Paul and the earliest believers seem to have expected the imminent second coming of Jesus and therefore a rapid end to the present world. But as time went by and it didn’t happen that way, they probably began to reflect on what it was to believe in the resurrected Jesus in a continuing world, and to separate their ‘Christian’ identity more and more from their Jewish origins. It’s interesting that if you look in a dictionary, the word ‘Judas’ is often defined as ‘betrayer, traitor, Jew’. The antisemitism which has infected the past and led ultimately to the holocaust may have some of its origins in the subtle ways in which Christian history has demonised Jews and found material in the New Testament to justify such prejudices.
It’s a sad aspect of human nature that we often find our group identity by categorising who we are not, who we dislike, despise and oppose. If we read any of the Passion narratives carefully, however, we note that almost EVERYONE involved, with few exceptions, failed and/or got things wrong, as I pointed out at the beginning. We are human and therefore fallible.
In the situation in which we find ourselves now, it is easy to look for scapegoats, to blame other countries or groups of people for ‘allowing’ this pandemic to take hold. President Trump has repeatedly called Covid 19 the ‘Chinese virus’ as though somehow it is China’s fault. We may recall that during the Influenza pandemic of 1918, the illness was called ‘Spanish ‘flu.’ In fact, it got its name only because it was Spanish newspapers who first started reporting on its devastating progress, but actually it was present in the USA before ever arriving in Europe. Where and how ‘Spanish flu’ originated, no one quite knows. In time scientists will discover more about Covid 19 and hopefully that knowledge will help control not only this pandemic, but others which could follow. But obviously science will move forward faster if we recognise ourselves as one humanity, one people and work cooperatively and collaboratively, rather than seeking to play any kind of ‘blame game.’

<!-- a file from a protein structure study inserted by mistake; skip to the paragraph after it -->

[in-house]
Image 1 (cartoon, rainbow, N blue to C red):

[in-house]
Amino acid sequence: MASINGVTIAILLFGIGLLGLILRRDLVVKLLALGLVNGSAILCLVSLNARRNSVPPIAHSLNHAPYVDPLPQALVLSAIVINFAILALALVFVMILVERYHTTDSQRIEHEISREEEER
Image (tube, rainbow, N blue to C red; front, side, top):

So, returning to our ultimate scapegoat, Judas, is it possible that he might have found any kind of redemption through God, if not through human history? An ancient perspective is that his actions – however bad – had the consequence of saving of the whole world through precipitating Jesus’s execution and resurrection and therefore, he had his part to play.
None of us know what will be revealed in the final judgement, but what I cling to, being an ordinary, well-meaning person who often gets things hopelessly wrong, is the incredible grace of Jesus. Even as Judas betrays him with a kiss, Jesus finds it within himself to say: "Friend, do what you are here to do."
I’m going to end with a short tale, probably apocryphal.
A priest visited a primary school to tell the Easter story. He told the children:
‘After the crucifixion Jesus wasn’t just in a coma, waiting to be resuscitated. He was properly dead. So dead in fact, for two days he in went right down into hell. Why do you think he did that?’
There was stunned silence, then a small child replied,
‘I think he was looking for his friend Judas.’
I’m sure most of us feel vulnerable currently and some people are even wondering what we might have done to make God angry with us and punish us (please see Paul’s very helpful articles about this on the website). Cut off from distractions and the company of others we might be ruminating on our own failures, especially our spiritual inadequacies. But the Passion story, like all the New Testament gives us some brilliantly reassuring news: that Jesus Christ came to redeem rather than condemn people and wants to have mercy on us all. Yes even you and little me.
God bless you, Linda